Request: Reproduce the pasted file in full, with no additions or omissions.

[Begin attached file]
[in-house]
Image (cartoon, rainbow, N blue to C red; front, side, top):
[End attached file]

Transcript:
[in-house]
Image (cartoon, rainbow, N blue to C red; front, side, top):